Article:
Rumor: American Opening First Class Flagship Lounge in Dallas

Via JonNYC at,

Full [Flagship Lounge] rumored to be returning to DFW D [terminal]. With temp[orary Flagship Lounge] (very limited in scope) to open imminently (in that closed smoking room, if I understand correctly.)

I think for sure we’ll be seeing more improvements and upgrades in lounges and lounge food in particular in coming months. I sense a big focus in this area developing…

American’s Flagship Lounges are their first class lounges. They are in:

They feature hot food, open bar, and restricted access.

american airlines flagship lounge dfw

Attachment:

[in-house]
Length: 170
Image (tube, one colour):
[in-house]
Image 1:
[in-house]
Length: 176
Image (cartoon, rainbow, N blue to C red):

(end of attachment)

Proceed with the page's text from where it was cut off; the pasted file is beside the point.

american airlines flagship lounge dfw

Flagship lounges are open to international first class passengers, first class passengers on American’s New York JFK – Los Angeles and San Francisco flights, top tier 100,000 mile flyers traveling same-day international, and oneworld emeralds (top tier elite members of their oneworld partner airlines).

American Didn’t Replace Its First Class Lounge With the Opening of the New International Terminal

Dallas used to have a first class lounge in the A terminal. It’s still there inside the Admirals Club, a separate room, that seemingly no one ever uses. It’s where I always go in the A terminal — you take the elevator up into the club and instead of walking straight ahead past the desk of agents, you turn around 180 degrees and the room is behind you, it has its own bathrooms and it’s quiet.